That it’s possible to economically transfer this technology to tens of millions of vehicles, all of which operated for years to decades with minimal if any maintenance and are going to be operated by people who have absolutely no training in the matter is.

April 18, 2020 10:25 pm

Germany Moves Into Hydrogen With Lessons From OPEC and Russia
Germany is taking its first steps to build an economy based on hydrogen instead of fossil fuels, seeking to deliver both green growth and to avoid being trapped by a small cartel of suppliers.
Ministers have been quietly lining up deals with nations including Nigeria that might produce hydrogen from renewable energy in the near future. The ambition is to reduce Germany’s pollution from on oil and natural gas — and to cut reliance on the counties that produce the fuels.

Germany floats draft hydrogen strategy ahead of EU Presidency
Germany’s draft hydrogen strategy envisages the use of CO2-free gas for the industry and transport sector, as well as millions for research. Under the draft plan, a large part of the country’s hydrogen will be purchased from abroad

Germany Sees No Role for Natural Gas in Draft Plan for Hydrogen

Germany Turns to Hydrogen in Quest for Clean Energy Economy

Germany launches world’s first hydrogen-powered train

Germany Taps Hydrogen Subsidies in Race to Replace Fossil Fuel

Farmer Ch E retired
Reply to  brent
April 19, 2020 6:44 am

If German tax payers are willing to buy less-expensive imports from CO2-intensive countries, why would they be willing to pay for more-expensive energy that gives the illusion of moving away from fossil fuels? Does anyone profit from using Nigerian labor? I realize that the German tax payers may not have much say.

Reply to  brent
April 19, 2020 7:24 am

The Germans seem to have a tendency to be purists in a sense. They had a vision to be world leaders in Solar and Wind Power. Now apparently they have a vision to be Purists wrt avoiding Carbon and going full tilt to an Hydrogen economy.
There was an earlier project to carpet the Northern Sahara with Solar panels, and transport the Power to Europe. Believe it was called Desertec. Despite challenges, that would be more technically advantageous than generating Hydrogen in Nigeria, and transporting Hydrogen to Europe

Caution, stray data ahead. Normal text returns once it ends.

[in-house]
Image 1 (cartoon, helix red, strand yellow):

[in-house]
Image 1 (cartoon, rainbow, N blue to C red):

Reply to  brent
April 19, 2020 11:45 am

“Ministers have been quietly lining up deals with nations including Nigeria that might produce hydrogen from renewable energy in the near future.”

I do hope that they didn’t meet these Nigerians on the internet.

Trying to Play Nice
Reply to  brent
April 19, 2020 10:22 am

Why don’t they just put another outlet in the wall so all the greenies can get their hydrogen along with all that clean electricity. Who needs power plants when you have wall outlets?

CC Reader
Reply to  brent
April 19, 2020 3:21 pm

Water is the most important thing on earth. We squander it in ethanol’s and are now planning on splitting h2O to created hydrogen. We have done that since 1958 on Nuclear submarines. On those we kept to oxygen and dumped the hydrogen over the side, we We cannot live without water!

Reply to  CC Reader
April 19, 2020 7:27 pm

We get the water back when the hydrogen is burned.
We got lots of water, and more of it is falling from space every day.

Reply to  MarkW
April 19, 2020 9:06 pm

Any economy based on hydrogen from electrolyzed water, or hydrogen from the water-gas shift reaction, will be have a negative GDP. Likewise for any hydrogen from photovoltaics.

A rich economy could use fission power to create hydrogen for cars. But it will be at a net loss of energy.

The whole idea is preposterous.

Chris Hanley
April 18, 2020 10:27 pm

Just a polite reminder Eric: there is no such thing as ‘government money’.

Richard (the cynical one)
Reply to  Chris Hanley
April 18, 2020 11:23 pm

There is the money the government takes in taxes directly, and there is the money the government creates, ‘printing’ as needed, which taxes us indirectly by diluting the value of all money in circulation. So in an apparent sense the government appears to have some money of its own, but we still pay the cost for it to come into existence.